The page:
Investors, founders and employees of MyHeritage, a genealogy company that was sold to US private equity firm Francisco Partners last week, won’t be the only ones clinking glasses in celebration of the exit deal reportedly valued at over $600 million. Israeli youth will also benefit from the acquisition, through the sale of options the startup donated in 2013 to the nonprofit organization Tmura.
Founded in 2002 by New York-born Yadin Kaufmann, who immigrated to Israel in 1985, Tmura aims to get tech entrepreneurs to hold out a hand to those less fortunate by supporting nonprofit organizations involved in education and youth.
Tmura approaches startups and other fledgling high-tech firms and, rather than ask for cash, seeks a donation of shares, options, or other stakes when such assets are not yet worth much. Then, if and when an exit happens — either a sale to a larger company or an initial public offering of shares — Tmura cashes in on that equity, providing much-needed donations to a variety of nonprofit organizations mostly involved in helping out kids in need. Each donor company can decide which nonprofit organizations it would like its options proceeds to support.
Kaufmann, who joined Israel’s fledgling venture capital scene of the early 90s at the beginning of Startup Nation, saw both the huge wealth potential and the social disparities that were being wrought by the tech industry. He decided to set up Tmura to create a “culture of giving in the tech sector,” he said in a recent phone interview.
Tmura, which follows a model that was already in operation in Silicon Valley, is the Hebrew word for change or metamorphosis and also means value for money; the name is also a play on the word truma, which means donation.
In the 19 years since its founding, Tmura has managed to get both VC funds and startups on board with its vision, generating some NIS 75 million, or $23 million, in proceeds from 121 exits over the years for charity, not including the MyHeritage deal.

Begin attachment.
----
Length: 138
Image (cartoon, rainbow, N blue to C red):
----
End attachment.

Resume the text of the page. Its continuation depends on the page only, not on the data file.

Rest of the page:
This money has helped some 200 youth-related charities to grow over the years – including Krembo Wings, which provides weekly social activities for hundreds of young people with special needs; Moona, set up by a former Israeli fighter pilot, which aims to build bridges between Jewish and Arab Israeli youth through space technologies; and Heroes for Life, which leverages the network of post-army Israeli travelers to run humanitarian volunteer projects in developing countries around the world.
A total of 718 Israeli companies have made donations to Tmura, with a record number of 62 new donor companies contributing in 2020, as nonprofit organizations struggled to raise funds elsewhere during the pandemic.
Exit proceeds in 2020 totaled $1.9 million, the second-highest year ever, after 2013, when Waze got sold to Google for some $1 billion. Waze had contributed options in 2011, which generated a whopping $1.5 million in proceeds for Tmura from the sale to Google.
The MyHeritage exit is the third this year for Tmura, after IHS Markit in January bought compliance technology provider Cappitech, in which Tmura had options, and Alcide, which was recently acquired by Rapid7. More exits are likely in the pipeline for this year, said Baruch Lipner, Tmura’s executive director, expressing hope that proceeds in 2021 will be exceed whose of the 2013 record year, he said. It is not known yet how much money Tmura will make from the MyHeritage exit, he said, as the deal was announced but hasn’t been completed yet.
Tmura made $750,000 from the sale of Argus Cyber Security to Continental AG in 2017 and $750,000 from the IPO of CyberArk in 2014. It made $150,000 from the sale of options of Wix, the do-it-yourself website developer.
“We want to bring in more and more companies,” Lipner said, “so that our pipeline is always filled” with new startups.
Lipner meets with fledgling executives via introductions from investors or friends, he said, and they usually agree to donate. Even those who don’t respond initially sometimes come on board eventually, when they’re ready. The key is to stay in touch, he explained.
Typically, most startups give Tmura a stake of less than 1% in their firm via options. “In many cases these options are worthless, but many startups have also succeeded,” said Kaufmann. “We claim that those companies that share with the community succeed more.”
Tmura sells the options as soon as there is an exit. “We prefer to put the money to work as soon as possible in the community,” Kaufmann said, rather than holding on to a stake in the firm.
Looking ahead, Kaufmann said Tmura hopes to enroll even more donor companies. “It is important to get the message out,” he said.
The organization is also looking to take its model to the US. “We want to target Jewish investors and Americans who invest in Israeli companies,” and get them to donate part of their investment to Tmura, he said.